Improving the solubility and dissolution of poorly soluble drugs by salt formation and the consequent effect on mechanical properties

  • Sarah David

Student thesis: Doctoral ThesisDoctor of Philosophy


The bioavailability of BCS II compounds may be improved by an enhanced solubility and dissolution rate. Four carboxylic acid drugs were selected, which were flurbiprofen, etodolac, ibuprofen and gemfibrozil. The drugs were chosen because they are weak acids with poor aqueous solubility and should readily form salts. The counterions used for salt formation were: butylamine, pentylamine, hexylamine, octylamine, benzylamine, cyclohexylamine, tert-butylamine, 2-amino-2-methylpropan­2-ol, 2-amino-2-methyl propan-1,3-ol and tromethamine. Solubility was partially controlled by the saturated solution pH with the butylamine counterion increasing the solution pH and solubility and dissolution to the greatest extent. As the chain length increased, solubility was reduced due to the increasing lipophilic nature of the counterion. The benzylamine and cyclohexylamine counterions produced crystalline, stable salts but did not improve solubility and dissolution significantly compared to the parent compound. The substitution of hydroxyl groups to tert-butylamine counterions produced an increase in solubility and dissolution. AMP2 resulted in the most enhanced solubility and dissolution compared to the parent drug but using the tris salt did not further improve solubility due to a very stable crystal lattice structure. The parent drugs were very difficult to compress due to orientation effects and lamination. Compacts were prepared of each parent drug and salt and their modulus of elasticity values were measured using a three-point bend (Young’s modulus, E0) were extrapolated to zero porosity and compared. Compressibility and E0 were improved with the butylamine, tert-butylamine, cyclohexylamine and AMP2 counterions. The most significant improvement in compression and E0 was with the AMP2 salts. Mechanical properties were related to the hydrogen bonding within the crystal lattice structure for the gemfibrozil salt series.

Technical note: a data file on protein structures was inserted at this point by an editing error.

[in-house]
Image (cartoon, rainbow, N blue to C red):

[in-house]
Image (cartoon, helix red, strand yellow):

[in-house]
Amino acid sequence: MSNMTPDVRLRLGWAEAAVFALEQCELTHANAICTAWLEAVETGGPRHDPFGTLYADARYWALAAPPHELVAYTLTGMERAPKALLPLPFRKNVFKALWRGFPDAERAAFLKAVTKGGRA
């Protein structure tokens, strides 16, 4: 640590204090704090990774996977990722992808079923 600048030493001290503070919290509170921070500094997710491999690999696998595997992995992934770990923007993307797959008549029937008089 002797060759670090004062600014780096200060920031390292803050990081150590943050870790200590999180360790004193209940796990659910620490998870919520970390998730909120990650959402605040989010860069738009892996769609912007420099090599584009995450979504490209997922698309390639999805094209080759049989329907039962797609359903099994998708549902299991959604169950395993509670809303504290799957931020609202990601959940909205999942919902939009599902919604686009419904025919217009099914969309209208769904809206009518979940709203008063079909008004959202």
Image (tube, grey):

Date of Award2005
Original languageEnglish
SupervisorBarbara R Conway (Supervisor), Bill Irwin (Supervisor) & Peter Timmins (Supervisor)


  • Improving
  • solubility
  • dissolution
  • drugs
  • salt formation
  • mechanical properties

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